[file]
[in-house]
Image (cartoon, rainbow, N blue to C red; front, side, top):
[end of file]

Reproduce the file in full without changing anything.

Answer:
[in-house]
Image (cartoon, rainbow, N blue to C red; front, side, top):